Wei Peng


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Neural Machine Translation with Heterogeneous Topic Knowledge Embeddings
Weixuan Wang | Wei Peng | Meng Zhang | Qun Liu
Proceedings of the 2021 Conference on Empirical Methods in Natural Language Processing

Neural Machine Translation (NMT) has shown a strong ability to utilize local context to disambiguate the meaning of words. However, it remains a challenge for NMT to leverage broader context information like topics. In this paper, we propose heterogeneous ways of embedding topic information at the sentence level into an NMT model to improve translation performance. Specifically, the topic information can be incorporated as pre-encoder topic embedding, post-encoder topic embedding, and decoder topic embedding to increase the likelihood of selecting target words from the same topic of the source sentence. Experimental results show that NMT models with the proposed topic knowledge embedding outperform the baselines on the English -> German and English -> French translation tasks.

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When does Further Pre-training MLM Help? An Empirical Study on Task-Oriented Dialog Pre-training
Qi Zhu | Yuxian Gu | Lingxiao Luo | Bing Li | Cheng Li | Wei Peng | Minlie Huang | Xiaoyan Zhu
Proceedings of the Second Workshop on Insights from Negative Results in NLP

Further pre-training language models on in-domain data (domain-adaptive pre-training, DAPT) or task-relevant data (task-adaptive pre-training, TAPT) before fine-tuning has been shown to improve downstream tasks’ performances. However, in task-oriented dialog modeling, we observe that further pre-training MLM does not always boost the performance on a downstream task. We find that DAPT is beneficial in the low-resource setting, but as the fine-tuning data size grows, DAPT becomes less beneficial or even useless, and scaling the size of DAPT data does not help. Through Representational Similarity Analysis, we conclude that more data for fine-tuning yields greater change of the model’s representations and thus reduces the influence of initialization.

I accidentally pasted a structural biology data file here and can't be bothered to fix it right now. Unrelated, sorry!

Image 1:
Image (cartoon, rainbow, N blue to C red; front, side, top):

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HyKnow: End-to-End Task-Oriented Dialog Modeling with Hybrid Knowledge Management
Silin Gao | Ryuichi Takanobu | Wei Peng | Qun Liu | Minlie Huang
Findings of the Association for Computational Linguistics: ACL-IJCNLP 2021

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Robustness Testing of Language Understanding in Task-Oriented Dialog
Jiexi Liu | Ryuichi Takanobu | Jiaxin Wen | Dazhen Wan | Hongguang Li | Weiran Nie | Cheng Li | Wei Peng | Minlie Huang
Proceedings of the 59th Annual Meeting of the Association for Computational Linguistics and the 11th International Joint Conference on Natural Language Processing (Volume 1: Long Papers)

Most language understanding models in task-oriented dialog systems are trained on a small amount of annotated training data, and evaluated in a small set from the same distribution. However, these models can lead to system failure or undesirable output when being exposed to natural language perturbation or variation in practice. In this paper, we conduct comprehensive evaluation and analysis with respect to the robustness of natural language understanding models, and introduce three important aspects related to language understanding in real-world dialog systems, namely, language variety, speech characteristics, and noise perturbation. We propose a model-agnostic toolkit LAUG to approximate natural language perturbations for testing the robustness issues in task-oriented dialog. Four data augmentation approaches covering the three aspects are assembled in LAUG, which reveals critical robustness issues in state-of-the-art models. The augmented dataset through LAUG can be used to facilitate future research on the robustness testing of language understanding in task-oriented dialog.